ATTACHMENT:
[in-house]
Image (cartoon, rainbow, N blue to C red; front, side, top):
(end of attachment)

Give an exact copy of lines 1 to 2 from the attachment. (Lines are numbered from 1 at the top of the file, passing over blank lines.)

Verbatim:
[in-house]
Image (cartoon, rainbow, N blue to C red; front, side, top):